Side B also successfully captures the lovable ordinariness that Jepsen brought to her previous albums. In contrast to modern icons like Lady Gaga, Beyoncé, and Rihanna, Jepsen is just, well, a normie. Her style is described as mall chic. She sings about boy problems and is the voice of the new Fuller House theme song. In concerts, the most outlandish thing she does is don a cape, but only for a single song. Even Pitchfork lamented her “unshakeable vagueness,” stating that other pop stars are able to imbue their music with attitudes: “We have Drake for performative vulnerability, Taylor for performative generosity.” But the thing is, Carly is for when you don’t quite feel like performing at all.

There is a difference between genericism and genuine normalcy, and Jepsen falls into the latter category. She is an artist without pretension, perhaps the only one in existence. “I’m a shameless lover of pop music!” she told Rookie Mag last year. It’s this lack of conceit that makes her music so beloved: Jepsen takes up less space so you can occupy more. “Don’t you? / I hope that you want to,” she tentatively asks in Side B’s  “First Time.” It’s the same self-aware hesitation that’s found in E•MO•TION: “Oh did I say too much? / I’m so in my head.” In one of her new songs, “Store,” Jepsen does display a rare sense of confidence, but for one of the most mundane acts ever: “I’m just going to the store,” she bellows in the chorus.

For those unfamiliar with Jepsen, releasing an album of B-sides on the one-year anniversary of a pop album that was far from popular might seem like a strange move. Sure, it’s an easy way to make some money, but judging by her E•MO•TION sales, it won’t be a ton. Truthfully, Jepsen is more singer-songwriter than pop icon and, through that lens, Side B begins to make sense.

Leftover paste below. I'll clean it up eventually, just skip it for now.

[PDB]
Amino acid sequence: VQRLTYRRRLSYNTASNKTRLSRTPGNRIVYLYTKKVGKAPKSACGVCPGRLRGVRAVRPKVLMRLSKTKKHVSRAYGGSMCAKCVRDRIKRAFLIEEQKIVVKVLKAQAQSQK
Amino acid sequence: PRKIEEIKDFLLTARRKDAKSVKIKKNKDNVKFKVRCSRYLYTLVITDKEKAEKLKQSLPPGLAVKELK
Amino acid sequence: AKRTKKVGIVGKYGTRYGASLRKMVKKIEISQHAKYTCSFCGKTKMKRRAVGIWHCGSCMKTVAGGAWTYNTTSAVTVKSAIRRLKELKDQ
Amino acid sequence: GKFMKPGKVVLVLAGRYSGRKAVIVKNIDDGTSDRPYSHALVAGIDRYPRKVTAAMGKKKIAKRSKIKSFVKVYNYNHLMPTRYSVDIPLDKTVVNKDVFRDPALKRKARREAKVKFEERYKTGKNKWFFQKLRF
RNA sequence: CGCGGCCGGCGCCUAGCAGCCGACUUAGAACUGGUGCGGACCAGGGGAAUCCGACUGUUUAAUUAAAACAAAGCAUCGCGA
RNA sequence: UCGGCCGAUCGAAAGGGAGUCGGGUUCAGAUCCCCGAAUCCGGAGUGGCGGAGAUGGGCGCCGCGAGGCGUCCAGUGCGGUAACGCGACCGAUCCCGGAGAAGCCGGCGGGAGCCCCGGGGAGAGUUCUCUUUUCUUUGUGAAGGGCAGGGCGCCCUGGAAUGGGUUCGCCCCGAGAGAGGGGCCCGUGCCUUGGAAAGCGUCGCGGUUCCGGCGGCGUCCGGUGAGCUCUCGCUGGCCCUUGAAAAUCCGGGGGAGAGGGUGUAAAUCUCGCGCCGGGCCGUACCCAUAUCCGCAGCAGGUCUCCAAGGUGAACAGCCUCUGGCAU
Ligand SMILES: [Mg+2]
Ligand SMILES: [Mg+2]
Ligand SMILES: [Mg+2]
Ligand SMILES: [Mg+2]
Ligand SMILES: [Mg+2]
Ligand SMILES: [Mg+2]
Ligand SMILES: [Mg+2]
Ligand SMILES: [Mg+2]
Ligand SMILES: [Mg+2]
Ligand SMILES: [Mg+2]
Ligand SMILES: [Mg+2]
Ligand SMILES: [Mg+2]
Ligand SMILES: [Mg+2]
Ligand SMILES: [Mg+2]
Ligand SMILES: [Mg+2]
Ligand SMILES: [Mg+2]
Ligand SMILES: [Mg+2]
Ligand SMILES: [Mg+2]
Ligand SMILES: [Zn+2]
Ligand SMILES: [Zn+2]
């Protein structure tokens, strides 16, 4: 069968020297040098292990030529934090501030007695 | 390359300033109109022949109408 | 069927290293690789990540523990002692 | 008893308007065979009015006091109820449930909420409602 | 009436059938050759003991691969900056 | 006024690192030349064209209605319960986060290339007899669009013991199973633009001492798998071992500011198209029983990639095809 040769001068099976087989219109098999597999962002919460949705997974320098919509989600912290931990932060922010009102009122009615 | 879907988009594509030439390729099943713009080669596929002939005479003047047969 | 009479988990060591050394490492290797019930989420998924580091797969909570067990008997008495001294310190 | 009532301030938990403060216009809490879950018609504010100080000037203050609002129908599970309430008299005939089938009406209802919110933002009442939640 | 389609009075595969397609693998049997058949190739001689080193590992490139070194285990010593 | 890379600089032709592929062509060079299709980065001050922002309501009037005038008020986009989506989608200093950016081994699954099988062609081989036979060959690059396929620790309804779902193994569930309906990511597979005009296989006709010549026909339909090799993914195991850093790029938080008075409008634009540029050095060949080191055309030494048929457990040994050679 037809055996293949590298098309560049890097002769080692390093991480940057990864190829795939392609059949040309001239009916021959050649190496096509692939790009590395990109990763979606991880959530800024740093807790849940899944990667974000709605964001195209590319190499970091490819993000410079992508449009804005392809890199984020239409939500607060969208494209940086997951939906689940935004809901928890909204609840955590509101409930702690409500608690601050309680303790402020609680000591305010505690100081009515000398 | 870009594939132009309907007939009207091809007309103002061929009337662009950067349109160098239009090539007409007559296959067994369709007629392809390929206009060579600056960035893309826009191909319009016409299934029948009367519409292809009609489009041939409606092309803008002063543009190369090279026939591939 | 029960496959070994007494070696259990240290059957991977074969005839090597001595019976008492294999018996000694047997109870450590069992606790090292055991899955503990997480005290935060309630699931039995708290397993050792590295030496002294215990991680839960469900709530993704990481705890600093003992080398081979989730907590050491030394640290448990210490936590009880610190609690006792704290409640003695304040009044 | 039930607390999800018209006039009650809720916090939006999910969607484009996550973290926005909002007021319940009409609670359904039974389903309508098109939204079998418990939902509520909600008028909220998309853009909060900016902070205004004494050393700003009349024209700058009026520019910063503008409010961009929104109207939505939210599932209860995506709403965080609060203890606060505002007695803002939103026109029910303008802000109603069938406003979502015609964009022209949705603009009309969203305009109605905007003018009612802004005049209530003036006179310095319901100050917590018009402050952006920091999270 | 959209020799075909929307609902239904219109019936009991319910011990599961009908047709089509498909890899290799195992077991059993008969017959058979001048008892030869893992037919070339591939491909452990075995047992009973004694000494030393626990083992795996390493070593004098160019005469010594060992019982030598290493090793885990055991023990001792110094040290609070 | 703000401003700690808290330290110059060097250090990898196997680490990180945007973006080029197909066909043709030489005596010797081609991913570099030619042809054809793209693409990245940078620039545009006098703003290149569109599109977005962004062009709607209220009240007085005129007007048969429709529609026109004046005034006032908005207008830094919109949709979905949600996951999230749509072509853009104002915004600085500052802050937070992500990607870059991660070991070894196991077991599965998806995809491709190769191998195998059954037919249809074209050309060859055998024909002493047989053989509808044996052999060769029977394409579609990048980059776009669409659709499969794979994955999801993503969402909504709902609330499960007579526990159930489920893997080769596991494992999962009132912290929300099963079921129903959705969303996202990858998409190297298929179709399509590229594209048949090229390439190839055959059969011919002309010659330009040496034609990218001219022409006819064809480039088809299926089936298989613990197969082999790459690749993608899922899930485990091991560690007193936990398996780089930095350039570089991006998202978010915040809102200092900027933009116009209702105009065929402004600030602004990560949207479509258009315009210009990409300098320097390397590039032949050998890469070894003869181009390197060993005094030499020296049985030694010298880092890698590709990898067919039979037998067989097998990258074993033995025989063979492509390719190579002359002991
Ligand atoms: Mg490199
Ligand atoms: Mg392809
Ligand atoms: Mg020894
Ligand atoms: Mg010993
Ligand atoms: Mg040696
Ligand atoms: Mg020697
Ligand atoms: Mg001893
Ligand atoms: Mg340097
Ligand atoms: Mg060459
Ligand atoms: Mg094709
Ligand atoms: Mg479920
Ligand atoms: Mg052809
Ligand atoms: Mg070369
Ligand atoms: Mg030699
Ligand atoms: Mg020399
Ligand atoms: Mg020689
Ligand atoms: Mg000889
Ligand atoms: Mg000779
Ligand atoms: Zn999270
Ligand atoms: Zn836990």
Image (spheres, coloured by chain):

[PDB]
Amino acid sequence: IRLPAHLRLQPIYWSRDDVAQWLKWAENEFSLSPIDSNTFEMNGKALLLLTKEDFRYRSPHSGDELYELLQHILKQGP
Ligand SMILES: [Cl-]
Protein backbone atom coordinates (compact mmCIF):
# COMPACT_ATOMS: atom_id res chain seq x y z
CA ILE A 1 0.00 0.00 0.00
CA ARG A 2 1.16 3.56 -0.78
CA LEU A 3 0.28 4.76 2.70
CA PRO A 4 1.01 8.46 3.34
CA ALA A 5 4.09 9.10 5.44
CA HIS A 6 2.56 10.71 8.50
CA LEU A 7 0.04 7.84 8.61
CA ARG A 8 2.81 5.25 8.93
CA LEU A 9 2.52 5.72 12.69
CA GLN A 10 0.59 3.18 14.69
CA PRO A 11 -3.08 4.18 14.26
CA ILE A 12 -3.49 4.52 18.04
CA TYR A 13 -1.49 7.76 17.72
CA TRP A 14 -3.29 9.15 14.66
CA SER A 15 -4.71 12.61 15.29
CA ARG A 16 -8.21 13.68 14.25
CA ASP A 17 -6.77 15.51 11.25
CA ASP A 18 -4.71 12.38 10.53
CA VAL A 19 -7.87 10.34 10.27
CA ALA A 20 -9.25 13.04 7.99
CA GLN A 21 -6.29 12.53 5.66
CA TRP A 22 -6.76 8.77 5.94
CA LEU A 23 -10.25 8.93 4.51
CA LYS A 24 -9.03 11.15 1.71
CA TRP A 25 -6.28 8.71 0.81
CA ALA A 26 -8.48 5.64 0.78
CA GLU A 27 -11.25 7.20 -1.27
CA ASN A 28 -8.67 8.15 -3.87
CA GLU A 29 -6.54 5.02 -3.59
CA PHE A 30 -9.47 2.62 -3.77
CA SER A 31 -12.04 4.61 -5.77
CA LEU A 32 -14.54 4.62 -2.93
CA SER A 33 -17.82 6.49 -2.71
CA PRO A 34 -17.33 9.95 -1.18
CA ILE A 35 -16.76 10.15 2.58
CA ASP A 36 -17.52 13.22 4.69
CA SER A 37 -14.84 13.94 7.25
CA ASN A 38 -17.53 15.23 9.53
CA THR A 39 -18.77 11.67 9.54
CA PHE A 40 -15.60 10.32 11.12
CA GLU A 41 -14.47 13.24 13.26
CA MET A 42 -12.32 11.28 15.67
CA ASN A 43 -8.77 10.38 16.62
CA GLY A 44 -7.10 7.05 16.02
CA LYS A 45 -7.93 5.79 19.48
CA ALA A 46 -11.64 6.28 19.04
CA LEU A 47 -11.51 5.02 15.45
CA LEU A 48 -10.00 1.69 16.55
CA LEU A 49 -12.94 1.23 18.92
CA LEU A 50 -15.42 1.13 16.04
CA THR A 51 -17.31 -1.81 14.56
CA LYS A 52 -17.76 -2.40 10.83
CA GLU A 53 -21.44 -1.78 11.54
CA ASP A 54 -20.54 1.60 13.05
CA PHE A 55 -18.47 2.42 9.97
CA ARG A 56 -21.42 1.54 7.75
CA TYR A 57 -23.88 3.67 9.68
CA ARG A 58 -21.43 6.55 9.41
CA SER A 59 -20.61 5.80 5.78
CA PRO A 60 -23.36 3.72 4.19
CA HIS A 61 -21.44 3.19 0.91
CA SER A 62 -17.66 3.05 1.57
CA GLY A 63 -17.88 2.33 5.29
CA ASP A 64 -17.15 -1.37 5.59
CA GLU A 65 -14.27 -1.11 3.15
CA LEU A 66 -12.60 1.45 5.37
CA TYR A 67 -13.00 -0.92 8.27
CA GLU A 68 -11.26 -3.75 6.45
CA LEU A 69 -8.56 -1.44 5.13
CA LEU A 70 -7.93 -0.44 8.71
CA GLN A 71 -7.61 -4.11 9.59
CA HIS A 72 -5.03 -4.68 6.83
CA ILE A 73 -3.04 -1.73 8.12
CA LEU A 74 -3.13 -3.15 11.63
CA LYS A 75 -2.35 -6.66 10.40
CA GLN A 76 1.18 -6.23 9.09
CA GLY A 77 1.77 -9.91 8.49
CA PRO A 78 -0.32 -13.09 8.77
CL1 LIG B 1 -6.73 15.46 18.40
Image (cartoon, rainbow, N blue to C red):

In interviews, Jepsen doesn’t wax on her fame or her image nearly as much as she does on her love of songwriting. And, while she certainly has a motive to exaggerate her involvement in the process, she really does seem to be a songwriter first and foremost, whose current genre just happens to be pop. In fact, she originally wrote “Call Me Maybe” as a folk song. Her first album, released pre-“Maybe,” was a self-written folk-rock venture entitled Tug of War, which includes a bluesy track that she performed for her Canadian Idol audition. For E•MO•TION she wrote around 250 songs for a 12-track album. At heart, I suspect, Jepsen is more Joni Mitchell than Madonna.  

And, in true singer-songwriter fashion, she goes to bat for her work. Just look at Jepsen recounting to Rookie Mag about the cutting process during E•MO•TION:

I got it to my top 40 and I was teasing my label, being like, “Would it be weird if I released 40 songs, after being away for three years?” [Laughing] They’re like, “Yeah, that’s just not gonna happen.” I’m like, “Are you sure?” They’re like, “Yeah, we’re sure.” So, OK, I had to narrow it down. We had heated debates and passionate emails back like, “Don’t kill my babies!”

Side B appears to be a compromise between an artist who wants to share her heart and a label that wants to sell a polished album. Jepsen herself doesn’t seem to be trying to cultivate an image, or even create another “Call Me Maybe” (which many studio executives surely hoped would be found in her single “I Really Like You”). And sure, this probably contributed to E•MO•TION’s lack of sales, but it’s also part of what made the album so cherished. As Caitlin White put it, “I think E•MO•TION wouldn’t be as meaningful if we had to share it with capitalism’s steely machinery; its commercial failure is part of what makes it continue to feel intimate, ours.”

On one hand, White is right: E•MO•TION is ours to overplay. But on the other hand, Jepsen is writing some of the best music of our time. It’s too good not to share: The least the world can do is listen.